EC: What has happened over the last, I will say, a month and a half now, is things have stabilized a little bit here on the local level. We went from having an inpatient census of COVID-19 patients of around the mid-40s, at points in November to early December, whereas today we have a COVID-19 inpatient census in the high teens to low 20s. The volume of patients going through our screening area has slowed down some. The positivity rate is still where it was at, which is concerning. It reached a high for us right around 30%. It is still a very high number, in the upper-20s at this point. So, we are still seeing a number of positives. The key is we need to keep doing the things we are doing to get the rate to start to fall. So, that is what our focus is.
SO: Yes, and you were talking about how the respiratory screening station was stressed. Some of the numbers coming from there have been staggering. I think the record was a little over 200 patients in one day. That is unbelievable. That is not a record you want to set.
SO: It definitely has been stressful, and one of the things that I think has happened recently is the vaccine, which is really what we want to talk about today, because there has been some movement with that at Phelps Health. Can you discuss a little bit about what has been happening and what that process looks like?
EC: Sure, so to start with, the vaccines were made available to us by the federal government sometime in mid-December, and each state has their own program and way the vaccines are being distributed to its citizens. Those plans are based from guidance from CDC and others. The state of Missouri has its plan, and the plan has four phases. The phases are 1A, 1B, and two and three. So, we are in phase 1A right now. The way that 1A is defined is for long-term care residents, long-term care employees and patient-facing employees of health providers. We were fortunate enough to receive a shipment back at the last week of December. There [are] a lot of communities that have not received it yet. So, we were very fortunate that we did receive that shipment and were able to begin vaccinating our employees right away. Again, our employees by definition are in that 1A category. We spent the last couple of weeks trying to push out as much of that vaccine to our employees as possible. We have been excited about that. We are looking forward to those additional phases opening up and being able to vaccinate more of the community. It becomes yet another tool in our toolbox to thwart the spread of the virus.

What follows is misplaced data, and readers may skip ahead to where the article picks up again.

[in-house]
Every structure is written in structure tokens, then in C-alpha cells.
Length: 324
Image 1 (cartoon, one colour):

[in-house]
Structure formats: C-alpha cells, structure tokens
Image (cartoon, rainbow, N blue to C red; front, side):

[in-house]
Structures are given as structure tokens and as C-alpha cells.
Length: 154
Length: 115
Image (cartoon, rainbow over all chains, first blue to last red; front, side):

SO: I know that the vaccine that we received was the Pfizer vaccine, and there has been talk about Pfizer and Moderna. Will we be getting the Moderna vaccine or is it just probably going to be the Pfizer vaccine?